Cannabis farm found during immigration raid in Brighton

Posted On 28 Jan 2014 at 11:10 pm

A cannabis farm was found when immigration officers raided a house in Brighton yesterday morning (Monday 27 January).

The Home Office said that its officers were acting on intelligence when they raided the house in St James’s Street Mews at about 6.15am yesterday.

They carried out immigration checks and arrested a 33-year-old Algerian man who had overstayed his visa.

Officers searched the building and found about 70 cannabis plants in a bedroom.

They called Sussex Police and local officers are now questioning the man.

Richard Lederle, head of the Kent and Sussex Home Office Immigration Enforcement team, said: “This was an excellent piece of work by all officers involved.

“Not only did they arrest an individual who was in the UK illegally but they’ve also prevented a quantity of Class B drugs making it on to our streets.

“This was the latest in a series of operations targeting illegal immigration in Sussex and for those who are living and working here illegally there is no hiding place.”

Inspector James Davidson, from Sussex Police, said: “The operation has led to the dismantling of a small-scale cannabis farm.

“It shows the benefits that come from working with partners like Home Office Immigration Enforcement.”

  1. CVFHQ Reply

    The sooner a policy of legal regulation is implemented in regards to cannabis the better. Cannabis is far safer to consume for adults than both alcohol and tobacco, yet every year tens of millions of taxpayer pounds are wasted trying to tackle it. A legal scheme would create thousands of taxable jobs, helping to massively boost our economy. It would also allow our police and court systems to focus on tackling real crime, such as murder and assault.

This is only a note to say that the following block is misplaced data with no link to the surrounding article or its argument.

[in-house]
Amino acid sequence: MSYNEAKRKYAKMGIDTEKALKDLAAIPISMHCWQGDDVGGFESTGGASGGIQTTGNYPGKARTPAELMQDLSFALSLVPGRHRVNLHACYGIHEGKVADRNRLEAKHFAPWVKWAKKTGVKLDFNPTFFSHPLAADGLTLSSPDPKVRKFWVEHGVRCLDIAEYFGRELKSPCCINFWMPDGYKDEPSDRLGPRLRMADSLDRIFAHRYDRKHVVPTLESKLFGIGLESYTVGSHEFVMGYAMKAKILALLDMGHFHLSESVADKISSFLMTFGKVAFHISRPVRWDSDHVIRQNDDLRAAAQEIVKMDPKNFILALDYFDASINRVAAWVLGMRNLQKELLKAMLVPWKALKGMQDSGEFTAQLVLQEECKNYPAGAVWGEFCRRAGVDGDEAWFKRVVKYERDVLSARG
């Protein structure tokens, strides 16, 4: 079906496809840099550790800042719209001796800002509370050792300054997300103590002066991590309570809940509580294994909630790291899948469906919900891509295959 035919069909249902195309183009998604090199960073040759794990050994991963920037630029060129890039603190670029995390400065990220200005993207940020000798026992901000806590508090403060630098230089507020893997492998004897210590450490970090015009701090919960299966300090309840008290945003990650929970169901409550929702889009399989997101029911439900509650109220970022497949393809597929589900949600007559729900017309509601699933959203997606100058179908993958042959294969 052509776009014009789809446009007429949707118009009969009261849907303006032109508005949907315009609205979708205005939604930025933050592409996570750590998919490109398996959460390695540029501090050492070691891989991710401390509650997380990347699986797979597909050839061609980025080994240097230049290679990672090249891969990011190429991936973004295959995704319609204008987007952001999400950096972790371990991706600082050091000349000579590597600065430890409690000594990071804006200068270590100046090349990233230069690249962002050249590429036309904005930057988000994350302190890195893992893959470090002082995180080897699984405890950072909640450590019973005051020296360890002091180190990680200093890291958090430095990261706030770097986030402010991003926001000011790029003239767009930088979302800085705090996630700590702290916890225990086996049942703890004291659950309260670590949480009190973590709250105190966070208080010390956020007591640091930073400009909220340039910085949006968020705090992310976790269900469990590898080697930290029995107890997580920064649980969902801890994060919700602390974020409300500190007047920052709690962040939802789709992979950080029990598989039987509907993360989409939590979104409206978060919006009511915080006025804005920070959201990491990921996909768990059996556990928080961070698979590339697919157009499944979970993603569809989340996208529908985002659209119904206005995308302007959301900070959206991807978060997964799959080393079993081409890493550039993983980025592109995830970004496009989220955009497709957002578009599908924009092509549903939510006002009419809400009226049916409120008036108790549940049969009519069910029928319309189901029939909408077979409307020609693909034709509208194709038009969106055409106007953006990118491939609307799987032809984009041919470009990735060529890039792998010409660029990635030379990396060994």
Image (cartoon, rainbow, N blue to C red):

Cannabis Volunteer Force (CVF)
    CVF Media Team
    facebook.com/cvf420

  2. CVFHQ Reply

    The sooner a policy of legal regulation is implemented in regards to cannabis the better. Cannabis is far safer to consume for adults than both alcohol and tobacco, yet every year tens of millions of taxpayer pounds are wasted trying to tackle it. A legal scheme would create thousands of taxable jobs, helping to massively boost our economy. It would also allow our police and court systems to focus on tackling real crime, such as murder and assault.

    Cannabis Volunteer Force (CVF)
    CVF Media Team
    facebook.com/cvf420

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